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Williams added that he believes driving a school bus has changed Moore’s perspective on transportation operations. He noted that when she comes into the bus garage before her morning runs, she’s not a superintendent, but simply another one of the drivers that have gathered to drink coffee. “I’m super impressed with her,” Williams said. “She is a very, very busy lady. And yet when I tell her that I need a substitute she moves [her schedule] around.”
Moore noted that the experience has made her cognizant about the length of bus route times. “When I was training and looking at the routes, I even went out on the weekends in my personal vehicle to see if there is a better way to do this route to shorten the time,” she said. “I think it is just as important as athletics or things like that. Parents love to see you show up for a ballgame and watch their kids play. And I think parents are just as pleased to see you drive a bus and make sure their kids get home safely and things like that. Also, transportation is a huge expense for districts, so the more I know about it, the better I feel about it.”
She added that the training that goes into being a school bus driver was also a surprise. Because she spends most of her day in the administration building, she didn’t know how much bus training went on. But this school year, she said a regional school bus driver training session opened her eyes to the different challenges.
“We’re dealing with what’s happening in our building and worrying about lunch programs and all those kinds of things,” Moore explained of her normal daily tasks. “Transportation will usually take the back seat. So, that was very intriguing to me to have that experience.”
She added that since being a substitute driver, she’s sat in on meetings in the bus garage that provided her information into concerns that drivers are experiencing and their internal dialogue.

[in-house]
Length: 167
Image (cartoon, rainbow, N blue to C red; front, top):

“It was very interesting to hear what some of the bus drivers worry about,” she said, noting that new drivers are always concerned about student discipline.
“This last month, I learned how to put chains on tires,” she added, laughing. “Never thought I’d need to know it.”
She advises other transportation directors to occasionally invite superintendents to certain meetings. Sending superintendents a calendar invite, she said, could ensure that they are aware it’s happening and break out of their routines.
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“I see my K-12 teachers daily, multiple times throughout the day,” Moore said, adding that all 280 students learn in a single building “But my bus drivers I see five minutes in the morning when they drop off and I see them 10 minutes at the most at night. You don’t really get to build those relationships with them unless you make a concerted effort.”
She added that usually, superintendents don’t intentionally try to avoid transportation, instead, she said that it’s just more challenging to have relationships because transportation is usually off-site.
“I think it’s really beneficial for superintendents to take that extra time … going down there and giving the same information that you’ve given your teachers to your drivers just to keep them informed. I think we sometimes forget that,” Moore explained. “The community looks at school bus drivers as school employees and will ask them questions about school. We really need to make it a priority to keep them just as informed as we do the people inside our building. I think that’s something we just have to make a conscious effort of, and we can do always do a little bit better job in that.”
Editor’s Note: Read more about superintendents and transportation departments working together in the April magazine issue of School Transportation News.